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Re: Evading Client-Certificate Authentication
From: Rogan Dawes <lists () NO_dawes SPAM_za net>
Date: Fri, 02 Apr 2004 08:20:13 +0200

I have seen reports from the guys at SensePost[1] that they have a certificate generated by VeriSign or one of the other recognised CA's in the name of "Administrator", which they have used to gain access to various SSL-client-certificate-protected servers.

In those cases, I guess that the webserver was configured to allow certificates that match existing accountnames on the server, and are signed by a recognised CA.

This may be an approach that could could try, rather than getting the client to generate the certificate for you.



[1] http://archives.neohapsis.com/archives/sf/pentest/2002-01/0098.html

Kevin Vanhaelen wrote:
indeed it is during a blind penetration test that I found this web server.
In a next phase the customer will provide me with a temporary client
but I wanted to know how far I could get without. To simulate a
employee connecting to the server in question.



----- Original Message ----- From: "Imre Kertesz" <ikertesz () fastq com>
To: <pen-test () securityfocus com>; <webappsec () securityfocus com>
Sent: Thursday, April 01, 2004 1:58 AM
Subject: Re: Evading Client-Certificate Authentication

Im not one to argue semantics, but "stumbling" upon a web server during
a "sanctioned" penetration test doesn't happen unless the penetration
test is blind .. or the customer forgot to set you up with a client
certificate .. or the web server that you stumbled upon isn't within the
scope of your sanctioned assessment.  In all cases but the latter, the
customer needs to generate a client certificate for you. They are
probably running their own CA, which you may need to visit to generate a
certificate request. The trick is to get a certificate that is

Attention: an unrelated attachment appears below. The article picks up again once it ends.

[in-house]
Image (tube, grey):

EXPORTABLE so that you can fux0r it with openssl into PEM format that
stunnel can use and viola - instant client certificate proxy.  Once you
have this client certificate / stunnel proxy, you might have to do some
local DNS foo to make sure that the application recognizes your stunnel
host as a legitimate target, but it should work fine.


Kevin Vanhaelen wrote:

Hi to all,

whilst in the middle of a Penetration Test I stumbled on a web server


serving SSL and demanding the client to present
a certificate to identify himself.
I tried to nikto it with sslproxy and browse the site thru paros both

with a

temporary Verisign personal certificate.
No such luck, the server keeps bouncing me off. Even vulnerability


like Nessus and Retina don't get passed
the port-scan portion.

Does anyone have an idea to further assess this server? Am I looking at a
mission impossible here maybe?




-· · ···- · ·-· ·--· · - ·- -··· ··- ·-· -· ·· -· --· -·· --- --·
"If you sit quietly at the edge of a river, eventually
you will see the bodies of your enemies float by"
-A maxim of patience, author unknown

Imre Kertesz
PGP ID: 0xA5DD6F44

Rogan Dawes
email: lists AT dawes DOT za DOT net

"Using encryption on the Internet is the equivalent of arranging an
armored car to deliver credit card information from someone living
in a cardboard box to someone living on a park bench."
- Gene Spafford

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